“I remember descending into the basin, driving west toward Sunset Boulevard and being astonished by the peculiar color of the air,” she told The Times in an early profile. “It was a kind of flaming orange — not a natural color, but a peculiar, day-glo, chemical kind of orange.”
Today, she has other sensory memories of when breathing in Los Angeles was a regular assault on the lungs.
“I have a more vivid memory of the smell of the air, especially around LAX,” she said in an interview Saturday. “There were chemicals in use in those days that are no longer in use. ... You had both the ugly gray sky and the smell of the air.”
Nichols filed what is often described as the first lawsuit under the federal Clean Air Act, suing the state of California to force then-Gov. Ronald Reagan to meet the requirements of the federal Environmental Protection Agency. She won, but found out that making governments change is slow, hard work.
The single biggest step toward improving air quality, she said, was requiring catalytic converters on all new cars. California pushed oil companies to formulate unleaded gasoline for use in the state. The federal government followed later. Another major improvement was requiring power plants to shift from oil to natural gas, she said; they have since become cleaner still.
For all the gains, however, improvements have plateaued in recent years, and pollution levels have begun to creep back up. One thing that worries air pollution attorney Adrian Martinez is that people often measure our progress against the smoggiest days of the 20th century. And that gives a false sense of accomplishment.
“We’re not going back to the levels of the ’60s and ’70s, but if your strategy is to make it safe to breathe, we need dramatic reductions in pollution,” said Martinez, who is a staff attorney with the environmental group Earthjustice and tweets as @LASmogGuy.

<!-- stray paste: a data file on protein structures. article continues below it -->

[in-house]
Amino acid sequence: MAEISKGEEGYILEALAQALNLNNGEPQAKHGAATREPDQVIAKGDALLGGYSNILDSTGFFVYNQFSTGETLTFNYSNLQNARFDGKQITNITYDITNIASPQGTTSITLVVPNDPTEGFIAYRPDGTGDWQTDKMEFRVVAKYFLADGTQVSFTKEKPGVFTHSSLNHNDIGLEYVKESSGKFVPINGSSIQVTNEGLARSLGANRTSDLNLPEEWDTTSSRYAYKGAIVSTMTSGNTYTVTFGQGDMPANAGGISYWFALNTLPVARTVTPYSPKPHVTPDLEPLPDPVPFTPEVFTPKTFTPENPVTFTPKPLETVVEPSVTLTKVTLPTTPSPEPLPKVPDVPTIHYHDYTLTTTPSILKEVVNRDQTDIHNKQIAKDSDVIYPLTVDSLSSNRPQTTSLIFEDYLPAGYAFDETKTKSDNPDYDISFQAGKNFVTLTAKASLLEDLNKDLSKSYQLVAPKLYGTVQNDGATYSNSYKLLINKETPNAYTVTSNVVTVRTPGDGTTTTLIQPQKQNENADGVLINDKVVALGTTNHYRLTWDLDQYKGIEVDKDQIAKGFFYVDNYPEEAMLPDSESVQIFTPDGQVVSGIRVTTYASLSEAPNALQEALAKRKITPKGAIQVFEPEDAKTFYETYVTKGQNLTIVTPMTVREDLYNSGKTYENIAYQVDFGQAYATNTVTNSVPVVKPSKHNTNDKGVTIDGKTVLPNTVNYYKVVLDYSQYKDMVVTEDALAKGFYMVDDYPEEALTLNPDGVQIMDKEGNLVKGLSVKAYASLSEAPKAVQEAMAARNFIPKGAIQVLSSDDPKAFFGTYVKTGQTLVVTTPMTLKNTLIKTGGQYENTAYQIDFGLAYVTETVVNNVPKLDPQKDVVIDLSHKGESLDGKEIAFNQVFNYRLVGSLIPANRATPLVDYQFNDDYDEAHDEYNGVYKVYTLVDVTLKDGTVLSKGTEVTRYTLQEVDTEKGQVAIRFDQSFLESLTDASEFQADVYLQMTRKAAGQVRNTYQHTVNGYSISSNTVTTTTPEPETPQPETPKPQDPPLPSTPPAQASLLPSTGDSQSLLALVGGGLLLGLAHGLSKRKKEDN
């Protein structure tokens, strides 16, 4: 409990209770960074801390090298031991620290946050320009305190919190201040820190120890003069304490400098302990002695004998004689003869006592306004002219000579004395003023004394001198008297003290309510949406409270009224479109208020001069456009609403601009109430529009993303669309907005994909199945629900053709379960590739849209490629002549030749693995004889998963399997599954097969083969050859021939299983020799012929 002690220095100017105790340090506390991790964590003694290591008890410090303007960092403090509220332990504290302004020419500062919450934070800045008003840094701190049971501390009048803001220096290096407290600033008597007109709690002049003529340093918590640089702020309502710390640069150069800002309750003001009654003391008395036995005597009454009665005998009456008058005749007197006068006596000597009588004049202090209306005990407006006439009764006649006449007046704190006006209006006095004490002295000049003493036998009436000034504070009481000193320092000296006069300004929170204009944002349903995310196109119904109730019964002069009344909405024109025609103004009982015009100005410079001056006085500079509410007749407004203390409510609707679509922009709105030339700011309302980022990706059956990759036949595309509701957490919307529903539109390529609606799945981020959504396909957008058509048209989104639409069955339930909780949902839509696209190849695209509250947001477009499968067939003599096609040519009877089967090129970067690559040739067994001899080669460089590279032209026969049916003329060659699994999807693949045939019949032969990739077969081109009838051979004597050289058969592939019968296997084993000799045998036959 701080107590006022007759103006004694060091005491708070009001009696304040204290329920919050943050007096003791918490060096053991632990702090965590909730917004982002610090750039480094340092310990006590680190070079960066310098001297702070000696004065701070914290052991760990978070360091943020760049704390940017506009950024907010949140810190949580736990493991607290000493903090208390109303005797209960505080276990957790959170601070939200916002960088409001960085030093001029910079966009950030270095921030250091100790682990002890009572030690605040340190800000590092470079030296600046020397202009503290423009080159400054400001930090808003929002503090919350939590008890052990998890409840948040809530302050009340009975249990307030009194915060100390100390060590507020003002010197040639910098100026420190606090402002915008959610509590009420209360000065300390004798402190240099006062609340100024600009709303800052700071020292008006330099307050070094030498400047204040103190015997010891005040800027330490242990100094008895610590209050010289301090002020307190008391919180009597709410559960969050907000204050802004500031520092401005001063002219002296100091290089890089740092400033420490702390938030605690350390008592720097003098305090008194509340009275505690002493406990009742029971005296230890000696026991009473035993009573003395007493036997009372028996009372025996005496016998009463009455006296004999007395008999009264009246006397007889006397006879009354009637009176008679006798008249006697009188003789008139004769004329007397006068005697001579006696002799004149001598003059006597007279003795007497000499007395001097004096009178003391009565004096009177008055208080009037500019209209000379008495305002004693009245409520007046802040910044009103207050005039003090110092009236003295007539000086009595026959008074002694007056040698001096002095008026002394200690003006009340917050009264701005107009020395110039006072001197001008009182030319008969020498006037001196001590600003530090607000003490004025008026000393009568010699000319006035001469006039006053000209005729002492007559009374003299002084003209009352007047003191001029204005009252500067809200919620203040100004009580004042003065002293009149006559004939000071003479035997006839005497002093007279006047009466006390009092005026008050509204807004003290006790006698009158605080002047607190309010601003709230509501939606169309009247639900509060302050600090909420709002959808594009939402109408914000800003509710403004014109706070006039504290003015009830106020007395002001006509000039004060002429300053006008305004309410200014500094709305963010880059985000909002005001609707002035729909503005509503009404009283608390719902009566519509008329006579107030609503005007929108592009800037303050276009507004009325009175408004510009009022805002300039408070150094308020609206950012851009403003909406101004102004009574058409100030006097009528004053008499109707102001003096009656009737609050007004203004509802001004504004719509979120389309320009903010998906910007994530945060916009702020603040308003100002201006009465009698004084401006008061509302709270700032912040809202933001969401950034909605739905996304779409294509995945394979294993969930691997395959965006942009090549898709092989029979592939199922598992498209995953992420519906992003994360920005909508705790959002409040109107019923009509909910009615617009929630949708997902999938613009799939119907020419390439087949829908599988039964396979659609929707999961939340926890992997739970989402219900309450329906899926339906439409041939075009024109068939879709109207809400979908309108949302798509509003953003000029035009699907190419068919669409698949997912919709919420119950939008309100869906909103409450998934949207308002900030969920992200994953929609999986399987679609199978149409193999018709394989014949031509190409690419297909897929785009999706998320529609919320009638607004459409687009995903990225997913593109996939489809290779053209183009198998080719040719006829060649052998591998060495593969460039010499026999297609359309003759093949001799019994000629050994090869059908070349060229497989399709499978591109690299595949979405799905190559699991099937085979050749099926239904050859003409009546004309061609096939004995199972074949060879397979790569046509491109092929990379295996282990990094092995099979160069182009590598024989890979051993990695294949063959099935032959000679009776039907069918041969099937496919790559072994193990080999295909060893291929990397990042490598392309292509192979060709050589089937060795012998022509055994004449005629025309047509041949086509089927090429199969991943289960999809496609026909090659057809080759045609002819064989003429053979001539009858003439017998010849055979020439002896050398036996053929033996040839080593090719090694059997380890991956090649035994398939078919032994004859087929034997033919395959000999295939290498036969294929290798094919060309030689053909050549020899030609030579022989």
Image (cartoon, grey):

That means, he said, “we need to go to zero emissions,” and not just with cars, but also with more serious polluters such as ships and trains. He does, however, see some hope. As a country we’re talking more about environmental justice, about the need to clean the air where poorer people live, too, in neighborhoods crisscrossed by a lattice of freeways coursing with the exhaust of interminable traffic.
There may be an odd upside to our current gray skies.
“If being in the pollution makes us realize how harmful it actually is, it could give us the impetus to solve this air pollution problem,” Martinez said. “Lots of lives will be saved. That’s the big thing. Air pollution is literally a life-or-death issue. ... It’s a shame it took these fires and pandemic, but hopefully we can shift how we operate.”
My family moved from central New Jersey to Southern California in February 1969, Cranbury Township to the San Fernando Valley. I was a chubby, lost 9-year-old, a smog-earthquake-wildfire novice.
Growing up in Granada Hills and Northridge, I remember seeing the nearby foothills for the first time on a rare, clear day. They were craggy, beautiful and so close. They’d been hidden behind a mantle of smog. I was stunned.
During my first fire season, I stood on our front lawn on Rinaldi Street, mid afternoon, dark as night. Ash like fat snowflakes sifted down. Evacuees drove by, their cars filled with belongings snatched in panic.
I vowed that, if God spared us, I would enter the convent.
We were fine.
And now, as the worst fire season in California history rages on, I am parked at the western end of Rose Avenue in Venice, a block or so from the scruffy apartment building where I lived in the mid-1980s.
It is Saturday, 8:45 a.m. The ocean is a slender, dark gray stripe, the horizon a mere suggestion. Malibu has disappeared, ditto the Palos Verdes Peninsula. The sun is a hazy, salmon-colored disc. My eyes sting.
Looking east, there is nothing beyond Pacific Avenue.
You need memory to believe the San Gabriel Mountains still rise somewhere in the distance.
And faith to believe you will see them again.
In California, in 2020, the first one is easy.
The view from Sacramento